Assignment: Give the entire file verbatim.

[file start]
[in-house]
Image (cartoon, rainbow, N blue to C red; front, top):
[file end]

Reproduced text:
[in-house]
Image (cartoon, rainbow, N blue to C red; front, top):